In relations between shareholders (or directors), the Commitments, which are sometimes very restrictive and may even involve proposing resolutions, can be a source of conflict that is detrimental to the company’s operation. They may be exacerbated by the confidentiality of the Undertakings, making it difficult for the investor to justify the positions they take (in relation to the State’s interests) to their co-shareholders or co-directors. This situation may also clash with the logic of cooperation and transparency inherent in company law. In the event of paralysis, this disagreement caused by the commitments of certain shareholders may lead to an extreme solution: dissolution of the company, as provided for in article 1844-7, 5° of the French Civil Code.

  • Right to information

Amongst the Commitments, the French State may decide to limit the investor’s right to information (restriction of access to certain legal, commercial, financial or R&D information, etc.). However, company law provides for the transmission of information to shareholders. These include annual and ongoing information, as well as management expertise. These limitations are difficult to reconcile with the right to information, which is an essential element of the political rights of associates, enabling them to exercise their voting rights in an informed manner in the interests of the company.

  • De facto management

Lastly, when the State imposes commitments in the form of obligations to do or not to do, which in certain cases can even take the form of very specific management obligations (investments, employment, etc.), these obligations can lead to the foreign investor being qualified as a de facto manager when they independently carry out management acts or interfere in the management of the company. Such interference may, in particular, create an appearance for the benefit of third parties, and thus require the investor to pay company debts. Hence de facto management can lead to the investor being held personally liable. And, in the event of insolvency proceedings revealing insufficient assets, the investor’s personal liability may also be incurred for mismanagement.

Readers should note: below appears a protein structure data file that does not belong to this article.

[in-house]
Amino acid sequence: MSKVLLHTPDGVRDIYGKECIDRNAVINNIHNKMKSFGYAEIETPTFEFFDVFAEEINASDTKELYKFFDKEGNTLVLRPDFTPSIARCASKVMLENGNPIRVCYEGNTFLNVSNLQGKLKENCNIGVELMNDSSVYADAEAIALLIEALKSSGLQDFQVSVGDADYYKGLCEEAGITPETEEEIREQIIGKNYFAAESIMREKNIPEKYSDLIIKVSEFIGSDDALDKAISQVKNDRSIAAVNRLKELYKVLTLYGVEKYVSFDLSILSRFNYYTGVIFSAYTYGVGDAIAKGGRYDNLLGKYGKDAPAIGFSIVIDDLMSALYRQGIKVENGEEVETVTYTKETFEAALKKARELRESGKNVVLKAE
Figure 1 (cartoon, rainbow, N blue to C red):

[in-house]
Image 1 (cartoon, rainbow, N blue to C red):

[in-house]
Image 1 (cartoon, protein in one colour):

In this case, it is the investor who bears the brunt of the public interest requirements dictated by the Minister of the Economy. This issue is closely monitored by investment funds, which are scrupulously careful not to be characterized as de facto managers.

*Trainee Marie Soriano also contributed to this article.

[[i] ] Fiches d’orientation, Investissements étrangers – Juillet 2023, Dalloz ; R. Dalmau, “Tentative de rachat de Carrefour : Bruno Le Maire seizes his power to control foreign investment”, Le club des juristes, 1er feb. 2021.







Sabine Naugès
Sabine Naugès counsels clients on all aspects of public law, including administrative and regulatory, competition and constitutional law. Among other high-profile clients, Sabine has advised telecommunications companies France Télécom and Orange on regulatory matters in cases before administrative and commercial courts, and before EU and French competition authorities. She also regularly represents major companies with interests in a wide range of industries, including aerospace, energy, oil and gas, and public health care, before the French government and in litigation, in a range of regulatory and administrative matters.

Professor Rémi Dalmau
Professor Rémi Dalmau is a consultant at McDermott Will & Emery. He is full Professor at Université de Lorraine (Nancy) in Private Law & Business Law.